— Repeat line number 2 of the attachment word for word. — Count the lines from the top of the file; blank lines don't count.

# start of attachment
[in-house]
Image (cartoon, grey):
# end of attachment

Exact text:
Image (cartoon, grey):